Regulatory Reform

New Report: Health Insurers Predict Sharp Increase in Premiums

When the Patient Protection and Affordable Care Act (PPACA) became law, supporters claimed it would lower costs for families and businesses.

Over three years later, evidence to the contrary abounds. In a report released last week by the U.S. House Energy and Commerce Committee, “The Looming Premium Rate Shock,” major health insurers predicted the PPACA will actually lead to substantially higher health premiums for families and businesses.

The report indicates that new individual market customers could face, on average, a 96% increase in premiums. This would cause average yearly premiums to nearly double from $1,896 to $3,708, placing great strain on many American families. Residents of the majority of states would be impacted by the increases, with one national health insurer predicting: “individual consumers in about 90% of all states would likely face significant premium increases.”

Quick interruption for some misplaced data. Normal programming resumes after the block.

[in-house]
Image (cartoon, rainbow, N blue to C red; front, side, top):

Another group likely to be hit by increasing insurance premiums is small businesses. For businesses purchasing coverage through the small group market, premiums could increase by as much as 50%. According to the report, PPACA policies intended to alleviate the small group markets’ costs are unlikely to be effective: the PPACA’s “small group health tax credit incentive program is temporary and very small.”

Despite early claims the PPACA would lead to lower health costs, the health insurance industry’s data suggests otherwise, with an insurer estimating, “Only consumers in 5 states [are] likely to see decreases.”

For state-by-state projected premium increases, see data from the report below.

premiumchart3-1000x763

SOURCE: U.S. House Energy and Commerce Committee, available at http://energycommerce.house.gov/rate-shock


In Depth: Regulatory Reform

In his first inaugural address, Thomas Jefferson said that “the sum of good government” was one “which shall restrain men from injuring one another” and “shall leave them otherwise free to regulate their own pursuits of industry.” Sadly, governments – both federal and state – have ignored this axiom and …

+ Regulatory Reform In Depth